Many organizers have changed their tactics during the pandemic. While rallies and protests are still very alive, many organizers have been replacing in person meeting actions with virtual means of communication. Sarah Elsunni, Malikah’s Marketing Director, joined the summit to share her secrets for engaging a virtual social media audience, and covered everything from boosting your followers, to creating viral educational posts.
Next Hind Essayegh, Malikah’s Regional Director of the DMV area, guided folks through an energizing self defense session! Some attendees brought their younger siblings and families in for the session to practice self defense moves, practicing using their voice, and learning all about boundary setting. You can learn some self defense moves yourself by checking out the videos featured on malikah.org/self-defense
After the attendees learned about boundary setting, Deena Hadhoud, Malikah’s Community manager and a reproductive justice advocate, facilitated Malikah’s first workshop explicitly about consent. The workshop examined a variety of definitions of consent and dove into conversations about rape culture, why boundary setting can be uncomfortable, the importance of age appropriate k-12 comprehensive sex ed, and commitments to respecting our own and others’ boundaries.
The summit was topped off with one of the most appreciated sessions: Anti-Racism in practice. Haleema Bharoocha, Program Director of Malikah’s South Asians For Black Lives program, dove into an always-relevant training about positionality, anti-oppression, and allyship.
Throughout the day, three different performers in the community brought joy to the event. Boshia Rae-Jean, whose aim is “to manifest a space for humanity to build social, communal, and global change through afrofuturism and with the classic art of hip-hop,” shared a powerful hip hop set. Angie Assal, a Lebanese-American multimedia artist based in NYC, graced us with a beautiful belly dancing performance halfway through the day.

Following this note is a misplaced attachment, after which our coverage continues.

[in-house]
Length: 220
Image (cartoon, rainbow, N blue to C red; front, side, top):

Finally, Aysha Qamar, a writer, poet, advocate, and Malikah Chapter Lead based in the tri-state area shared some powerful original and hand-picked spoken word. While Malikah’s community is often engaged in serious conversation related to oppression, they also prioritize rooting the work they do in love, power, and joy.
Overall, the response to the summit was very positive, and there is a clear need for those tools in the community. Some of the feedback included: “I loved how interactive the workshops were! Y’all did a great job at offering a variety of topics,” “I loved the content and being with people who understand the importance of gender justice,” “great speakers, learned so much, want this information to be shared to more people,” “Amazing job! I’m looking forward to tapping into more of the resources shared in the sessions and sharing with some like-minded friends. As well as staying tuned with Malikah and the great work you all continue to do!”